A best-seller in Japan, and the winner of the prestigious Akutagawa Prize, Convenience Store Woman marks the English-language debut of a writer who has been hailed as the most exciting voice of her generation.
Convenience Store Woman centres on Keiko who has never really fitted in. At school and university people find her odd and her family worries she'll never be normal. To appease them, Keiko takes a job at a newly opened convenience store. Here, she finds peace and purpose in the simple, daily tasks and routine interactions. She is, she comes to understand, happiest as a convenience store worker. But in Keiko's social circle it just won't do for an unmarried woman to spend all her time stacking shelves and re-ordering green tea. As pressure mounts on Keiko to find either a new job, or worse, a husband, she is forced to take desperate action.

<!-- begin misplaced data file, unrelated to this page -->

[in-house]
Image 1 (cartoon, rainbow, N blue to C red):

I'd seen a lot of hype surrounding this novel but little about the actual content and so I’m not sure exactly what I was expecting; regardless it far out passed my expectations! I found Convenience Store Woman a beautifully, quirky story which is driven by Sayaka Murata's ability to create realistically flawed yet likable characters. Indeed this is by far the strongest point of the novel - although this is not to criticise a lack of plot - I was fully invested in Keiko and her life and it was this that I found made the book so difficult to put down. I am so excited to see that another of Murata's novels, Earthlings, is to be published later this year. I honestly can't recommend her writing enough!